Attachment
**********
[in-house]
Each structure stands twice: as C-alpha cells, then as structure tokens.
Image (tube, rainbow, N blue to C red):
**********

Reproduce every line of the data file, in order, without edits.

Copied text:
[in-house]
Each structure stands twice: as C-alpha cells, then as structure tokens.
Image (tube, rainbow, N blue to C red):